This example uses all four tips listed above – you’re giving them the power to think about what’s important to them and make a case for it. You lead by example with your opening speech, showing how you think about it and why you make the charitable decisions you do. You offer a strict deadline, after which the opportunity lapses.

Troubleshooting

Some families may easily produce ideas for potential recipients. Other families may have trouble if charitable giving has not been a priority in the past. If your children are slow to come up with ideas, here are some options to get the conversation going:

  1. Have them think about any 5K races that their friends have run in support of a charity. What are the organizations that those friends are fundraising for? Do those organization seem interesting?
  2. Has a particular health issue affected a family member or friend? Would funding awareness of screening for that disease or research for a cure be of interest? Is there an opportunity to make a gift in memory or honor of that family member or friend?
  3. Is there a societal problem that your kids wish could be solved? What organization is trying to solve it?
  4. Have them consider any programs from their time in high school or college. Would they want to support the school’s athletics or theatre program, for example, that may have profoundly affected their school career?
    Some kids may want to give to organizations that you do not want to support. This particularly happens when kids are feeling rebellious. If their case is well thought-out and you can stomach it, maybe it’s worth going ahead with it for the sake of family harmony and the long term goal of getting your kids involved with philanthropy. But sometimes it’s past your threshold of acceptance. In that case, explain that you appreciate their well thought-out case and encourage them to support that organization with their own dollars, but for the purposes of this exercise, let’s come up with a recipient organization you can all get behind.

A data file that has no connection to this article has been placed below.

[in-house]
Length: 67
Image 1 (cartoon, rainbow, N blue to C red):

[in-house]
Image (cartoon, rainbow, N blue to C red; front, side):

Taking It to The Next Level
When the letters from charities come to thank you for the gift, be sure to send copies to your kids so they can see the impact you all have made as a family. A phone picture sent via group text message is an easy way to do that.

If this exercise turns out to be successful for your family, this could be something that multiple generations of your family could look forward to on an annual basis.

Along the way, you’ll be inspiring your kids to do good in the community, training them on how to think about philanthropy, and enjoying the tax benefits as an added bonus. You may also be grooming your next family foundation board members.

The St. Louis Trust Company’s approach to wealth management for families with multi-generational wealth is different from the norm. We provide holistic, high-touch client service combined with customized, independent investment management and a full range of family office services including family strategy and governance, estate planning, cash flow management, risk management and philanthropy coordination. Advising clients on more than thirteen billion dollars of investment assets and more than fifteen billion dollars of total wealth, we work to construct a financial strategy that achieves both short- and long-term goals. We are proactive. We are resourceful. We are relentless.